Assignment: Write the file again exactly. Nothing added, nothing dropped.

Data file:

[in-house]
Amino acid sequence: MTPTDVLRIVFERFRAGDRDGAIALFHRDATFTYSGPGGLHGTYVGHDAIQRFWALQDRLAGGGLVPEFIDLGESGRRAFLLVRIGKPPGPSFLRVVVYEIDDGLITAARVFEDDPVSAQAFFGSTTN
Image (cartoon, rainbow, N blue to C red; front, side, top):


[in-house]
Amino acid sequence: MTPTDVLRIVFERFRAGDRDGAIALFHRDATFTYSGPGGLHGTYVGHDAIQRFWALQDRLAGGGLVPEFIDLGESGRRAFLLVRIGKPPGPSFLRVVVYEIDDGLITAARVFEDDPVSAQAFFGSTTN
Image (cartoon, rainbow, N blue to C red; front, side, top):